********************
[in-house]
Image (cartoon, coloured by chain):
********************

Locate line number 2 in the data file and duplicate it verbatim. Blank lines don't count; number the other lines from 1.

Image (cartoon, coloured by chain):